The human heart with its intricate network of blood vessels

Scientists Create ‘Spinach Heart Tissue’ To Solve Heart Problems, Organ Damage

For the first time ever, scientists have created a working and beating human heart tissue by just using spinach leaves.

Scientists and researchers at Worcester Polytechnic Institute (WPI) in Massachusetts just gave new meaning to spinach being heart-healthy. In the research news released by Science Daily, scientists have finally created “spinach heart tissue” that could be the key to aid in tissue regeneration. With its success, people with heart problems and organ damage can now be given a possible cure to properly address their medical problems.

Growing a working vascular system has always been the problem in the success of tissue engineering. For years, scientists have been more successful at creating large human tissues with more advanced methods like 3D printing than growing delicate blood vessels that are essential to tissue growth to help repair damage tissues and organs.

Joshua Gershlak, a graduate of WPI in Massachusetts and co-author of the study emphasized the importance of a vascular network in proper tissue growth.

“The main limiting factor for tissue engineering is the lack of a vascular network. Without that vascular network, you get a lot of tissue death.”

Without the capillary vessels, tissues that do not have enough oxygen and nutrients to grow properly die – a major reason why studies and experiments on tissue regeneration often fail.

Since 3D printing cannot duplicate the delicate vessels found in organs, the researchers at WPI turned to using plants instead, specifically spinach. None of the attempts have been successful until researchers at WPI decided to use leaves and made “spinach heart tissue.”

During the experiment, the researchers at WPI used a spinach leaf and performed decellularization – a process wherein plant cells are stripped using a detergent – leaving the spinach leaf to become just a flap of cellulose with its vasculature or network of veins intact. The scientists were then able to culture live and beating human heart cells into the spinach veins by injecting microbeads of fluids that mimic the size of blood cells in humans.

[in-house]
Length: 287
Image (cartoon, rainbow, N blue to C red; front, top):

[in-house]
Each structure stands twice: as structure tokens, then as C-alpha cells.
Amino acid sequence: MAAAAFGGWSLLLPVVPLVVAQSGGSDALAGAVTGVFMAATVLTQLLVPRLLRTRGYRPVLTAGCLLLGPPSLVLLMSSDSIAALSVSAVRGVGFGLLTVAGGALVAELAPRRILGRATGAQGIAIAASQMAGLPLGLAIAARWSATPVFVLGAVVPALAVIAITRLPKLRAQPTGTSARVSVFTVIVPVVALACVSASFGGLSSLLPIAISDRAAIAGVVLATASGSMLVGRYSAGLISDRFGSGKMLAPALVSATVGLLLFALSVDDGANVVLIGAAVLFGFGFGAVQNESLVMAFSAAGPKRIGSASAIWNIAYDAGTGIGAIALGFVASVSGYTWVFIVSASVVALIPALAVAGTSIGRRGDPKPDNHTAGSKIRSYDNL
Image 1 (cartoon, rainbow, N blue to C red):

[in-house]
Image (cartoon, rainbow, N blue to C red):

With the help of decellularization, the spinach leaves with its vasculature provided just the right branching network for proper blood flow. The study proved that tissue regeneration is possible as long as the right vasculature is present to encourage healthy tissue growth.

By regenerating healthy tissues, various diseases and even traumatic injuries can now be treated. Broken bones can be repaired. Those with heart disease and cardiovascular problems can be cured. Tissues can be grown to become a full organ that can replace a damaged one.

With the development of the spinach heart tissue, patients with cardiovascular problems – especially those who suffered from heart attacks – will benefit the most.

Glenn Gaudette, one of the professors of biomedical engineering at WPI and co-author of the study, said that the goal of their team is to create cardiac muscles that will help patients with damaged heart tissues.

“What we’re trying to do is grow cardiac muscle on these leaves which then can be profused with a blood source by the veins that are inside the leaf. And so we can, in theory, sow those veins into the native arteries in the heart and produce a contractile muscle that can replace the dead tissue in the heart.”

Gaudette’s statement leaves room for thought that several spinach leaves can then be used to grow new heart tissues that can fully develop into new heart muscles. When this happens, heart attack victims will have a higher chance of surviving and recovering. Others with organ damage can have higher chances of surviving, too, with the help of newly-grown tissues to help their organs repair.

Heart operation
The ‘spinach heart tissue’ would benefit patients with heart attack and damaged organs. [Image by Sean Gallup/Getty Images]

It’s not just spinach leaves, though. The team of scientists and researchers at WPI also used other plants after they found out that the process also works with them. As the researchers pointed out, the process “turned out to be pretty easy and replicable” in different plants.

So far the team had used parsley, tried it on the hairy roots of peanut and even tried sweet wormwood, which is an herb. Each plant can be used for specialized studies with regards to tissue regeneration. When it comes to heart tissue, though, spinach is still the best plant to use thanks to its highly-vascularized characteristic similar to cardiac tissue. The team of scientists also suggested using wood for bone engineering given the relative strength and geometry of its vascular columns.

In an article published by National Geographic, Gaudette said in press statement that there is still a lot of work to be done in their study, but the promise of the initial results is something to look forward to, especially for patients with heart problems and damaged organs.

Check out the video below to know more about the spinach heart tissue research. What do you think of this medical breakthrough? Sound your thoughts in the comments section right below.

[Featured Image by Yodiyim/Shutterstock]

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